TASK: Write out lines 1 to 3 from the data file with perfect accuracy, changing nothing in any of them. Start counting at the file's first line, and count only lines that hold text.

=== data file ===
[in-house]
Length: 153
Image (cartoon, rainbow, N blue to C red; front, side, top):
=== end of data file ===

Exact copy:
[in-house]
Length: 153
Image (cartoon, rainbow, N blue to C red; front, side, top):